Well, technically ChatGPT can write a resume, but it’s not likely to be a good one.

ChatGPT is getting a lot of press lately, and there are boosters and detractors for this latest form of AI; each side has good points, but I’m not going into them here. Instead, I’ll explain why, for now, the answer to can ChatGPT write a resume, is that it shouldn’t.

If your employment and educational history is out there in cyberspace, then ChatGPT can pull together the data and present it in a resume format, although I’ve never tried it and I’m not certain what the formatting options are. So if all you’re looking for in a resume is your employment history and where you went to school, then ChatGPT may do the trick.

But while leading a recent resume writing workshop, a participant asked me why he should “waste” his time crafting a resume when ChatGPT could do it for him. So I asked him who the end user is for resumes, and he replied, “ATS software.”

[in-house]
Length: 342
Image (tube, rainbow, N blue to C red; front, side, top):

“Fine,” I responded, “but assuming the ATS sends your resume to the company, who is going to read it? It will be an internal recruiter or the hiring manager, both of whom are HUMAN. And a human audience is looking for more than just the facts; they are looking for the candidate’s value proposition – in other words – a reason to invite the candidate in for an interview.”

Resumes are marketing tools, not mere histories of a candidate’s career. Their primary purpose is to sell the candidate to the employer, and the best way to do that is to showcase specific career highlights, achievements, accomplishments that will differentiate the candidate from the competition and most importantly, demonstrate to the recruiter or hiring manager what that candidate is capable of.

Resumes allow candidates to tell their story in a brief format with enough intriguing details that will motivate the human reading it to say, “let’s interview him/her/they and learn more. ChatGPT can’t do that. Not yet.